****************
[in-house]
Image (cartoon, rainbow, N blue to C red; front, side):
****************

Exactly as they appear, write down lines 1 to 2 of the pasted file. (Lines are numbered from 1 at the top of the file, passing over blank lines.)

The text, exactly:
[in-house]
Image (cartoon, rainbow, N blue to C red; front, side):